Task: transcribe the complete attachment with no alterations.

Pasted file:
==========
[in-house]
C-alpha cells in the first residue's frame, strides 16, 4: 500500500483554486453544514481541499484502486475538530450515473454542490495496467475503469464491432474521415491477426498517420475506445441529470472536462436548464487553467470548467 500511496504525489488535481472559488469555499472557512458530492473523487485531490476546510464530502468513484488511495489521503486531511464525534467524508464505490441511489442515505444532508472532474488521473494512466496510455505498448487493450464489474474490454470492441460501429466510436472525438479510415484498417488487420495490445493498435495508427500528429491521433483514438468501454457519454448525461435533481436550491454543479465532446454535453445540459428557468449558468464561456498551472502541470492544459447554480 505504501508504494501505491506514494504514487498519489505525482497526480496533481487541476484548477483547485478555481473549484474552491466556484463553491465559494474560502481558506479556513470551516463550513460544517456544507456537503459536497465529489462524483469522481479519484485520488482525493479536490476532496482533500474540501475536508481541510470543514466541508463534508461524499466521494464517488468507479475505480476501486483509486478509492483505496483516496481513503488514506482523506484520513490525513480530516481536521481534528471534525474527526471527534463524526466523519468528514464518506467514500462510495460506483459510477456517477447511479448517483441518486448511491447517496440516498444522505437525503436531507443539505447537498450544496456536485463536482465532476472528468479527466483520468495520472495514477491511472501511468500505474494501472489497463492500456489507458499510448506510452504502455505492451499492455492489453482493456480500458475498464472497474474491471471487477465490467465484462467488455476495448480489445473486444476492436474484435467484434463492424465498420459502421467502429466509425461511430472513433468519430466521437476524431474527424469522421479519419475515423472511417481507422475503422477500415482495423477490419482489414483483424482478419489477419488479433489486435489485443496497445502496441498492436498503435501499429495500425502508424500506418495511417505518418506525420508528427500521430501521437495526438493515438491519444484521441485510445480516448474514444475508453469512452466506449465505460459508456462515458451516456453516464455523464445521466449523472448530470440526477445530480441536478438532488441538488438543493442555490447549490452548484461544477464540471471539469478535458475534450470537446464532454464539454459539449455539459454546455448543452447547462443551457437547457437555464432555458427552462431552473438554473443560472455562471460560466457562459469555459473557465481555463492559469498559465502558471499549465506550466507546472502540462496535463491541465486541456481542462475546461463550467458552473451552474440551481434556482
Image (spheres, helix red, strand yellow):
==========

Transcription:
[in-house]
C-alpha cells in the first residue's frame, strides 16, 4: 500500500483554486453544514481541499484502486475538530450515473454542490495496467475503469464491432474521415491477426498517420475506445441529470472536462436548464487553467470548467 500511496504525489488535481472559488469555499472557512458530492473523487485531490476546510464530502468513484488511495489521503486531511464525534467524508464505490441511489442515505444532508472532474488521473494512466496510455505498448487493450464489474474490454470492441460501429466510436472525438479510415484498417488487420495490445493498435495508427500528429491521433483514438468501454457519454448525461435533481436550491454543479465532446454535453445540459428557468449558468464561456498551472502541470492544459447554480 505504501508504494501505491506514494504514487498519489505525482497526480496533481487541476484548477483547485478555481473549484474552491466556484463553491465559494474560502481558506479556513470551516463550513460544517456544507456537503459536497465529489462524483469522481479519484485520488482525493479536490476532496482533500474540501475536508481541510470543514466541508463534508461524499466521494464517488468507479475505480476501486483509486478509492483505496483516496481513503488514506482523506484520513490525513480530516481536521481534528471534525474527526471527534463524526466523519468528514464518506467514500462510495460506483459510477456517477447511479448517483441518486448511491447517496440516498444522505437525503436531507443539505447537498450544496456536485463536482465532476472528468479527466483520468495520472495514477491511472501511468500505474494501472489497463492500456489507458499510448506510452504502455505492451499492455492489453482493456480500458475498464472497474474491471471487477465490467465484462467488455476495448480489445473486444476492436474484435467484434463492424465498420459502421467502429466509425461511430472513433468519430466521437476524431474527424469522421479519419475515423472511417481507422475503422477500415482495423477490419482489414483483424482478419489477419488479433489486435489485443496497445502496441498492436498503435501499429495500425502508424500506418495511417505518418506525420508528427500521430501521437495526438493515438491519444484521441485510445480516448474514444475508453469512452466506449465505460459508456462515458451516456453516464455523464445521466449523472448530470440526477445530480441536478438532488441538488438543493442555490447549490452548484461544477464540471471539469478535458475534450470537446464532454464539454459539449455539459454546455448543452447547462443551457437547457437555464432555458427552462431552473438554473443560472455562471460560466457562459469555459473557465481555463492559469498559465502558471499549465506550466507546472502540462496535463491541465486541456481542462475546461463550467458552473451552474440551481434556482
Image (spheres, helix red, strand yellow):